Home AEC King County Official Argues for Redevelopment of Seattle Downtown in State of...

King County Official Argues for Redevelopment of Seattle Downtown in State of the County Address

King County, Seattle, Puget Sound, Sound Transit, Yesler Building, Department of Adult and Juvenile Detention, Department of Community and Human Services, Safety and Claims, Civic Campus Plan

By Kate Snyder

Part of downtown Seattle could soon see a facelift designed to better serve members of the community. The redevelopment of old administration buildings was one of the highlights of King County Executive Dow Constantine’s recent 2023 State of the County address. In his speech to King County Council, he described a proposal to reimagine the courthouse neighborhood.

“This historic area can remain a center of local government, but it can also be so much more: a neighborhood with residents of all incomes, with shops and restaurants and gathering spaces, a place that enlivens and supports the surrounding neighborhoods,” Constantine said. “Public and private workplaces that reflect the way people work in this new era. It’s clear that we’re not simply going back to how things were — so let’s use this moment to go forward.”

The area he referred to in his speech includes a seven-block stretch of downtown Seattle that is part of what is now known as the Civic Campus Plan, according to the county’s website. That plan is an initiative that county officials started in 2017 in order to determine the best way to use these sites to deliver services to the public. The current civic campus is spread across eight acres of land, with eight buildings totaling 2.3 million square feet and 10 sites, according to the county’s website. Under current zoning, these properties could allow for a total of 4.3 million square feet of non-residential development capacity, and if used for residential purposes, the area could support more than 2,500 housing units.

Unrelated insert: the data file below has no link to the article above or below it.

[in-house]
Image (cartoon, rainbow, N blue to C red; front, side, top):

One of the buildings in that area that needs restoration, Constantine said, is the Yesler Building at 400 Yesler Way, which houses the county’s Department of Adult and Juvenile Detention, Department of Community and Human Services and Safety and Claims, according to King County’s website. Additionally, he said the county courthouse needs renovation, the county jail that was built in the 1980s is “obsolete” and the old administration building that was constructed in the 1960s is vacant. Most of the campus is centered on Fourth Avenue between James Street and Yesler Way. King Street Center, located in Pioneer Square, has also been included in the program.

“Over the decades, King County has made investments in these buildings to keep providing services to residents,” the website states. “However, many of them are underutilized, functionally obsolete, or are facing costly maintenance and repairs that may be financially unsustainable. Not only are some of these buildings at the end of their useful life, the area around the campus is often perceived as being unsafe. New approaches to delivering health and human services, law enforcement, and criminal justice are also driving change at King County, and the COVID-19 pandemic has forced governments at all levels to rethink how they deliver services to the public.”

Constantine referenced the initiative in his speech, saying that the neighborhood could become “a vibrant place to live, to work, to visit and to thrive.” He also proposed that members of the council decided to allow Sound Transit to build its new tunnel and station at the vacant administration building. That investment in infrastructure, he argued, could set the groundwork for new development and jump start even greater reinvention of the area.

“This is no small task,” he said. “It is a project that will take years to design and longer to complete, but we can start with a key decision right now. Sound Transit is considering the shuttered Administration Building as the site for a new Link light rail station. If selected, we should make the most of this opportunity.”